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VIDEO: Trump meets Uhuru at White House, announces plans to negotiate Trade Agreement with Kenya

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President Donald Trump met Thursday with Kenyan President Uhuru Kenyatta at the White House and announced the United States plans to initiate trade agreement negotiations with the Republic of Kenya.

Kenya continues to be a vital partner to the United States in Africa and beyond. Since President Kenyatta’s August 2018 visit, when the two leaders established the United States-Kenya Bilateral Strategic Dialogue, the two countries have expanded partnership across many areas.

“President Trump looks forward to building on this momentum and discussing new opportunities to advance cooperation and trade,” said a statement from the White House.

“Kenya is a recognized leader across the continent, an important strategic partner of the United States, and there is enormous potential for us to deepen our economic and commercial ties,” said U.S.Trade Representative Robert Lighthizer. “Under President Trump’s leadership, we look forward to negotiating and concluding a comprehensive, high-standard agreement with Kenya that can serve as a model for additional agreements across Africa.”

Kenya is strategically important to the U.S., as the U.S. tries to offset the influence of China. China eclipsed the U.S. as Africa’s largest trading partner more than a decade ago.
Kenyatta’s visit to Trump’s White House is rare for an African head of state. Kenyatta met with Trump once before in August 2018, when as the White House said Thursday, “the two leaders established the United States-Kenya Bilateral Strategic Dialogue.”


Trump has not shown much interest in African countries since he has been in office. The U.S. has free trade pacts with 20 countries, but none in Africa.

The U.S. State Department announced Wednesday, however, that Secretary of State Mike Pompeo would visit Africa for the first time from Feb. 15 to 19, with stops scheduled in Angola, Ethiopia and Senegal.

Trade between the U.S. and Kenya stands at about $1 billion a year.  Over 70% ($466 million in 2018) of Kenya’s exports to the U.S. entered under African Growth and Opportunity Act (AGOA).

Kenyatta and former Prime Minister Raila Odinga were on Wednesday the key note speakers at a luncheon organised to mark this year’s US National Prayer Breakfast in Washington DC.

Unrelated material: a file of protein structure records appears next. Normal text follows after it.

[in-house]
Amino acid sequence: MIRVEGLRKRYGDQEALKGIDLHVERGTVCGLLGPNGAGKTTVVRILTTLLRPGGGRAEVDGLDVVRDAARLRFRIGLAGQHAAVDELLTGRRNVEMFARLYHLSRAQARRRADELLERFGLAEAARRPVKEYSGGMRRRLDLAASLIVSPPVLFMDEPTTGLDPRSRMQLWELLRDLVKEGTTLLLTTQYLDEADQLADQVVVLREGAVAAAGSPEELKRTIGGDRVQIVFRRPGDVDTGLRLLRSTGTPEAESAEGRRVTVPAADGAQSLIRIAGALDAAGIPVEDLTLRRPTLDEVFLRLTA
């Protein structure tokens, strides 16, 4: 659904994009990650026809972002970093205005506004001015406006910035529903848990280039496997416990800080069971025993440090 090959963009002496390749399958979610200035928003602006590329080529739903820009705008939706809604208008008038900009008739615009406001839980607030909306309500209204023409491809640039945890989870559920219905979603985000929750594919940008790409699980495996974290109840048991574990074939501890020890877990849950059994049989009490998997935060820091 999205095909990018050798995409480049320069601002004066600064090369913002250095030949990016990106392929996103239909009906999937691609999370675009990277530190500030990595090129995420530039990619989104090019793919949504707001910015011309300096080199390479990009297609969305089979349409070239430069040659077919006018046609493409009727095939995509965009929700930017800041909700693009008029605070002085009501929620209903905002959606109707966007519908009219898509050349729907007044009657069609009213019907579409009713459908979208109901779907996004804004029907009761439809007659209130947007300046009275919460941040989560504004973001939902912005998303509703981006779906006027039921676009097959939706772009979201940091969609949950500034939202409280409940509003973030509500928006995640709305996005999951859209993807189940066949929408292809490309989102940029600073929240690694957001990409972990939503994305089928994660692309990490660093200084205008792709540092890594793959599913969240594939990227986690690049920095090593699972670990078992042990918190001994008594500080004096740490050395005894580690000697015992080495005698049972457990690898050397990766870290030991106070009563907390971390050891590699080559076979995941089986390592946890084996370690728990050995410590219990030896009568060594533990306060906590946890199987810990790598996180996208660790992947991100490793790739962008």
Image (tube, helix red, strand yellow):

The President recounted the distabilising impact post-election conflicts have had on the country’s growth over the last thirty years saying the Building Bridges Initiative (BBI) is aimed at finding a homegrown solution to the divisive nature of Kenyan politics.

A poster announcing the invite to the White House. PHOTO|FILE

 

He noted that divisive politics and the resultant ethnic tensions negatively affect the country’s development trajectory saying, “once the election comes, everything stops…business stops one year before an election and restarts one year after an election”.

“It is impossible to bring prosperity and longterm economic stability that’s required for a nation to develop and grow without stable peace.

“Everybody used to plan their businesses around the election cycle,” President Kenyatta told the international audience that comprised mostly of senior American officials.

President Kenyatta, who retraced Kenya’s history of electon related ethnic conflicts since the adoption of multiparty democracy in the early 90’s, said his coming together with his main political challenger Raila Odinga was motivated by the realisation that the disruption of the economy by electoral tensions every so often was not sustainable.

He narrated the tense and long process leading to the “handshake” with Mr Odinga saying they went against the hard-line positions held by their supporters.

“We sat in a room and it took almost six hours for us to even begin talking anything…it was, what you call, excruciating silence because nobody wanted to be the first to say anything,” President Kenyatta said.

The Kenyan leader expressed satisfaction that millions of Kenyans have joined and are participating in the BBI process saying democracy cannot thrive in an environment of political uncertainty.

“We shook hands and embraced and that one single moment changed the whole country. Because nobody would ever have imagined that we would shake hands and embrace,” the President said.

He continued: “Since then, we have walked as brothers, we have brought onboard (Kenyans) and said that this process that we’ve started is not a political process but rather a process that seeks to entrench our democracy.”

The President said through the BBI, Kenya had began the process of reconciliation and national healing adding that his greatest desire is to leave a peaceful and united country.

“The greatest gift that me and my brother (Raila Odinga) can possibly ever leave the people of Kenya is the gift of peace, the gift of love and unity of all our people. And that’s the mission that we are on,” he said.

Former Prime Minister Raila Odinga said he shares the President’s determination and committment to achieve national cohesion through the BBI process by building trust and unity among Kenyans.